1. greeta von longtail says:

      “the bushes scream while my daddy prunes” https://www.youtube.com/watch?v=lpgyVxP8OG8

  2. raddledoldtart says:

    And not just the fear of being evicted by the landlord, but the fear that when you apply to rent other properties, the landlords/agencies demand a reference from your last landlord. And if that reference is critical, you’ve no chance of getting the tenancy.

  3. Jane Kidd says:

    Maybe you should show him the post you wrote and get him excited about wildlife too?

  4. Valerie says:

    A beautifully written piece, infill I came to those horrible words – Monsanto Round up. I do see you have struggled with the decision tho.

    I don’t use any chemicals, and just do hand to hand combat with brambles and ground elder – grounding day!

    There is a growing lobby in the US, fighting very hard against huge agribusiness to get food labelled, proper info on round up treated crops etc. It all increases your bodies chemical load, and is mostly endocrine disruptors at play.

    You couldn’t pay me enough to eat those neeps 🙁

  5. Broadbield says:

    “Silent Spring”

  6. catriona grigg says:

    It’s sounds like heaven. But alas! I have now got to the age where I must simplify my garden to make it manageable as I get even older. ‘Why?’ you ask. I live in a village. I have neighbours on every boundary. Some are gardeners, some aren’t. I can no longer cope with avalanches of weeds from the non-gardeners and I don’t want the freebies of flowers the birds donate from the gardeners.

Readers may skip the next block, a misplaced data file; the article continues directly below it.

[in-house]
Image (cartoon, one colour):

I want a place where I can hide and enjoy the garden. I’m half way down a wide herbaceous border digging it up to replace it with a simpler design I’ll be able to maintain as my muscles weaken and my breathing gets more laboured.

    So far only cow parlsey and comfrey are the only plants so deep rooted I’ve resorted to glyphosate.

    The garden is full of birds, bumble bees and butterflies. I’ve seen the occasional lizard and toad. Sometimes a hare visits. The only unwanted visitors are cats. At times the sky is black with flocks of birds. I can’t put out feeders because of the cats but then, there’re so many berries I don’t think the birds will starve. In fact I lost my crop of loganberries and plums to them this year. But there’s plenty of other things I did harvest!

    I wouldn’t feel guilty about using Roundup. No-one lives in a vacuum. If we don’t have a landlord we have neighbours to rub along with. Enjoy your garden!

  7. Bidge says:

    Nice piece. I fully undertand and get what you are trying to do. I only have a few metres of garden, but I do everything to “wild” it as much as I can. I have planted various wildflowers (clover being favourite), this year I have gathered Thistle seeds and disperesed them.